Limitations on the Equitable Powers of the Bankruptcy Court


Section 105 of the United States Bankruptcy Code, titled “Power of Court”, is often cited and used as a “catch-all” provision when seeking relief or when a bankruptcy court issues an order. granting (or refusing) certain remedies not prescribed by a particular provision of the Bankruptcy Code. This section provides that a “court may issue any order, proceeding or judgment which is necessary or proper to carry out the provisions of this title. . . [and nothing shall] prevent the court, on its own initiative, from taking any action or making any decision necessary or proper to enforce or implement the orders or rules of the court, or to prevent abuse of process”.[1] Its broad and discretionary language is not unlimited, however.[2] A bankruptcy court exercising its equitable powers must remain within the bounds of the Bankruptcy Code.

In the decision of December 16, 2021[3] by District Court Judge Colleen McMahon, she, in some 142 pages, dissected a bankruptcy court’s ability to grant non-consensual discharges for non-debtors as part of a plan confirmation process. chapter 11. On appeal from the bankruptcy court, Judge McMahon reversed the confirmation of the plan in In re Purdue Pharma, LP[4]

As has been widely publicized, the Sackler family owns Purdue and has profited heavily from the manufacture and sale of opioid drugs. When Purdue filed for bankruptcy on September 15, 2019, nearly 3,000 lawsuits had been filed across the country against Purdue seeking damages for untold injuries caused by opioids. And 400 other lawsuits had been filed against the Sacklers for their role in the opioid crisis.

The proposed Purdue plan was the result of more than a year-long mediation in three distinct phases. Basically, it included a provision (section 10.7), in which the Sackler family would contribute $4.325 billion to a fund to resolve public and private civil claims as well as civil and criminal settlements with the federal government. In exchange for this contribution, the Purdue plan would include waivers, on a non-consensual basis, of direct and/or specific claims asserted by third parties against the Sacklers. That is, claims other than those that may arise from claims made against Purdue; claims based on the individual liability of the Sacklers and based on their own alleged misconduct.

The bankruptcy court relied on 11 USC §§ 105(a), 1123(a)(5), 1123(b)(6), and 1129(a)(1) of the Bankruptcy Code and the ” residual power” of the court to grant the Sacklers’ exits. But Judge McMahon found that nothing in those sections provides the necessary authority to grant such broad releases to non-debtors. Section 524(g) of the Bankruptcy Code authorizes a court to release non-debtors from third party claims in asbestos cases – but only asbestos cases – subject to satisfaction of a number of conditions, but this authority would not extend to other matters.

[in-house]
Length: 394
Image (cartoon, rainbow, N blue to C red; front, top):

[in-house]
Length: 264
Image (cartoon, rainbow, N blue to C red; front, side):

Ultimately, Justice McMahon held that even if the bankruptcy court found that the Sacklers’ releases were necessary or essential to a confirmable plan, the non-consensual release of a non-debtor of this nature went above and beyond. beyond the authority granted by the Bankruptcy Code, including the broad and discretionary language contained in Section 105. There is no “residual power” granted to bankruptcy courts that would allow them to act contrary to to the Bankruptcy Code.

Judge McMahon’s order not only unravels a confirmed plan of considerable weight, but also makes it very difficult to demonstrate circuit divisions regarding non-consensual releases of nondebtors for direct or special liability. The Fifth, Ninth, and Tenth Circuits expressly prohibit nondebtor releases outside of the asbestos context. The Third Circuit has signaled its ban on releases of non-debtors under the guise of Section 105(a). The Second Circuit didn’t tackle it head-on, outside of the asbestos scenario. The Fourth and Eleventh Circuits conclude that Section 105(a) alone provides the necessary authority for such releases, while the Sixth and Seventh Circuits conclude that Sections 105(a) and 1123(b)(6) together grant the “residual power” necessary for non-consensual releases of non-debtors. The First, Eighth, and DC Circuits, on the other hand, did not address the issue of whether there is a legal power to grant releases to nondebtors.

The Purdue (and Sackler family) bankruptcy case has been under the microscope since it was filed. The confirmed Ultimate Plan, if allowed to be consummated, would result in payments to hundreds of thousands of plaintiffs seeking damages related to the opioid crisis. Given the huge sums at stake and the identified circuit divisions, this case is ripe for consideration by the Supreme Court for a final ruling on the power and scope of Section 105 as it relates to unreleased versions. consensual.


[1] 11 USC § 105(a)

[2] See In re FirstEnergy Solutions Corp., 945 F.3d 431, 451 (6th Cir. 2019); In re Simonini, 69 F. App’x 169, 171 (4th Cir. 2003); In re Momentum Mfg. Corp., 25 F.3d 1132, 1136 (2nd Cir. 1994)

[3] In re: PURDUE PHARMA, LP, No. 21-cv-7532, 2021 WL 5979108 (SDNY 16 Dec. 2021).

[4] In re: PURDUE PHARMA, LP, No. 19-cv-23649, — BR —-, 2021 WL 4240974 (Bankr. SDNY 17 Sept. 2021).

Copyright ©2022 Nelson Mullins Riley & Scarborough LLPNational Law Review, Volume XI, Number 356


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